ByTobi Bauckhage, writer at Creators.co
Running a tight ship with an awesome crew. Putting fans in the driver's seat in entertainment. Seriously.
Tobi Bauckhage

Monday morning quarterback with a data look at last weekend's box office results

This Week: DRACULA UNTOLD, THE JUDGE, ALEXANDER and ADDICTED

We’re fascinated by data here at Moviepilot. And as passionate movie fans and former filmmakers, we’re also interested in box office numbers and the money side of the business. Because it defines what kind of movies are going to be made. Talk around town is that traditional movie tracking - which tries to monitor marketing effectiveness and predict box office mainly based on statistical panels - is broken. So a few months ago, we started to look at publicly available data on Facebook, YouTube, Twitter and Google Search - as well as the data we collect at Moviepilot - in order to have some fun with it and play “Moneyball” ourselves.

Every Friday in our “Digital Tracking” column for Variety, we ask ourselves what digital data is telling us about how a movie will perform that following weekend. Check it out, we think it is pretty cool. Our predictions are getting more and more solid. Now starting this week, every Monday we’ll be looking back on the weekend's wide releases to determine just how predictive our data was - what did we learn? How meaningful was the data? If hindsight is 20/20, how sharp is big data's vision? And what were the other guys predicting?


DRACULA UNTOLD, Universal

Moviepilot Prediction: $23 million (98% Accuracy)

Boxoffice Mojo Prediction: no prediction, site was down

Boxoffice.com Prediction: $15.5 million (66% Accuracy)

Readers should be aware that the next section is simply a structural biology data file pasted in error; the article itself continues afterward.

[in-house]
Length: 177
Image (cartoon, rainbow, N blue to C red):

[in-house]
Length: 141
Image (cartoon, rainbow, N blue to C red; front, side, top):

Final Scoreboard: $23.5 million

Quick Hit: Reliable comparisons to “Hercules” and “I, Frankenstein” offer excellent insight into solid open

X's and O's: For starters, let’s talk about what went according to plan. “Dracula Untold” was in the “Hercules” ballpark in trailer views (thanks in part to millions of additional views via Facebook), and collected an impressive 188k views on Google search, just shy of box office wonder “Gone Girl.” Comparing across to highly relatable “I, Frankenstein,” “Untold” seemed like a sure thing for $20 million and a potential threat for much more. Sometimes the key to an accurate prediction is focusing on the right numbers rather than all the numbers. Based on Twitter and Search alone, we could have been looking at a $30+ million release. But we’ve found YouTube views to be the most accurate predictor for the action/horror genre - makes sense for such a sensory medium, no? With YouTube as our primary guide (and suggesting around $20 million), we landed just north of that for “Untold,” with a prediction of $23 million (with $23.5 million the actual result).


ALEXANDER AND THE TERRIBLE, HORRIBLE, NO GOOD, VERY BAD DAY, Disney

Moviepilot Prediction: $15.5 million (84% Accuracy)

Boxoffice Mojo Prediction: no prediction, site was down

Boxoffice.com Prediction: $16.5 million (90% Accuracy)

Final Scoreboard: $18.4 million

Quick Hit: Family films continue to pose challenge for digital tracking, as “Alexander” outperforms social engagement